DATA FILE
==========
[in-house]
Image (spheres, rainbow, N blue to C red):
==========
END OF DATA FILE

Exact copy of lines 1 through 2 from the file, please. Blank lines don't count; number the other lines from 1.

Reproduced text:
[in-house]
Image (spheres, rainbow, N blue to C red):